Trade War Turmoil Keeps Markets Flat

[Chart courtesy of MarketWatch.com]

  1. Moving the markets

Today, it was trade tensions that kept the markets below the unchanged line, and the bears in charge, although a rebound limited the potential losses and pushed the Nasdaq back to the breakeven point. However, the Dow dropped for the 5th straight day.

Emerging markets continued their downward slide, while foreign markets in general were weak by gapping down and subsequently affecting our International TTI negatively (see section 3). This indicator has now weakened more than its Domestic cousin, an occurrence that has in the past often served as the canary in the coalmine.

As we saw last week, Tech outperformed Financials again while big banks lagged small banks as interest rates were just about unchanged, along with the US Dollar Index (UUP). The 10-year bond yield gave back 1 basis point to end at 2.92%.

Rising energy prices gave an assist to equities by limiting declines caused by fear over the continued U.S.-China trade tensions, as traders are still trying to digest the announced $50 billion tariffs on Chinese imports.

So far, equities have managed to discount a host of negative global economic developments but, for how long can these ongoing and worsening events be ignored? Especially, if a full-blown trade war starts to have a negative impact on corporate earnings. Since that is the big unknown, we will have to wait for the answer to develop.

  1. ETFs in the Spotlight

In case you missed the announcement and description of this section, you can read it here again.

It features 10 broadly diversified and sector ETFs from my HighVolume list as posted every Saturday. Furthermore, they are screened for the lowest MaxDD% number meaning they have been showing better resistance to temporary sell offs than all others over the past year.

The below table simply demonstrates the magnitude with which some of the ETFs are fluctuating regarding their positions above or below their respective individual trend lines (%M/A). A break below, represented by a negative number, shows weakness, while a break above, represented by a positive percentage, shows strength.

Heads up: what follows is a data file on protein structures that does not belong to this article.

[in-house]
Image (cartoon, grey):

For hundreds of ETF choices, be sure to reference Thursday’s StatSheet.

Year to date, here’s how our candidates have fared so far:

Again, the %M/A column above shows the position of the various ETFs in relation to their respective long-term trend lines, while the trailing sell stops are being tracked in the “Off High” column. The “Action” column will signal a “Sell” once the -7.5% point has been taken out in the “Off High” column.

  1. Trend Tracking Indexes (TTIs)

Our Trend Tracking Indexes (TTIs) were mixed with the International one once again taking a steep drop while the Domestic one gained a tad.

Here’s how we closed 06/18/2018:

Domestic TTI: +2.85% above its M/A (last close +2.83%)—Buy signal effective 4/4/2016

International TTI: +0.82% below its M/A (last close +1.26%)—Buy signal effective 7/19/2016

Disclosure: I am obliged to inform you that I, as well as my advisory clients, own some of the ETFs listed in the above table. Furthermore, they do not represent a specific investment recommendation for you, they merely show which ETFs from the universe I track are falling within the guidelines specified.

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